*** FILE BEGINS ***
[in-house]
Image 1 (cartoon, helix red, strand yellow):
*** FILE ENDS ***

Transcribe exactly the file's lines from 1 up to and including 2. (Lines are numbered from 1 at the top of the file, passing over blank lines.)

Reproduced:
[in-house]
Image 1 (cartoon, helix red, strand yellow):